Tuesday, October 10, 2006

Forgiveness as part of organizational life

In the current issue of The Atlantic Monthly describes a moment early in Hillary Clinton's first Senate term when she began attending a Bible study with other senators. When she first began participating, Republican Senator Sam Brownback confessed to her that he had hated her and said derogatory things to her. She forgave him.

Like Hillary Clinton, who led efforts in the first Clinton presidential term to pass universal healthcare, nonprofit leaders often take hits.

In the middle 1990’s the CEO of an organization I worked for asked me to direct a campaign to raise $1.2 million to help close their nursing home for adults with developmental disabilities and open about a dozen small group homes for them to live in.

I deeply believed in the cause. I knew many of the people who lived in the nursing home and I knew that their lives would be greatly improved by moving into smaller homes. As the head of the nursing home resident council would say, “You know me. I like peace and quiet,” something that was impossible in the noisy, crowded nursing home.

Neither the organization nor I had ever done a capital before and the board decided we would do it without a campaign consultant.
Many people thought we would not succeed in raising the money needed. I can understand their doubts because it’s very difficult for an organization to raise that much money without the help of a consultant to keep the campaign on track.

Fortunately for me, a retired YMCA executive from the Chicago area took mercy on me and offered to come out every few weeks during the campaign to advise us.

Despite this, one of my colleagues who
was in a position to track what I was spending to prepare for the campaign, was convinced we would fail. She began to spread rumors through the organization that I was wasting money. She actively opposed the campaign in staff meetings and made life miserable for my assistant campaign director.

One day my colleague and I were both working late. I went to her office, listened to her anger about my spending, and tried to respond. Nothing I said seemed to help. It was deeply painful to have her questioning my integrity. I got tears in my eyes for the first and only time in my 20 years of employment at that organization.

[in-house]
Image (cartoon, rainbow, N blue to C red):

Almost every morning since 1977 I’ve written in a spiritual journal, often writing about whatever current challenges I’m facing. During those days I wrote about the tension I felt as I launched the campaign. Gradually I realized that I was carrying a lot of resentments toward my colleague.

One morning as I was writing in my journal I had a sense that I needed to forgive my colleague. I listed out five different things she had done to undercut me and the campaign.

That winter day on the way to work I drove a country road and stopped the car next to a creek. I picked up five stones and one by one I dropped them in the water, forgiving my colleague for each of the five things she had done to undercut me.

As I dropped the stones in the moving water in the creek I noticed how the stones immediately dropped to the bottom but the water flowed on. I sensed God telling me that I had forgiven my colleague and my life could flow on like the water in the creek.

Life did flow on and eventually it appeared that the campaign was going to be a success. My colleague then solicited a club she belonged to, to donate to the campaign.

When the campaign was completed I resigned and went on to working as a consultant to help other organizations do similar campaigns. After I resigned my colleague said to me, “In a few years we are going to have to have you back to do another campaign.”

Because I had forgiven her I could gratefully accept her compliment on my work.

Good to Great and the Social Sectors: A Monograph to Accompany Good to Great, Jim Collins describes Level 5 leaders as people who have little personal ambition but incredible will "to make sure the right decsions happen--no matter how difficult or painful--for the longterm greatness of the instituiton and the achievement of its mission..."

Forgiving harsh critics can help nonprofit leaders keep on making sure the right decsions happen even after taking lots of hits.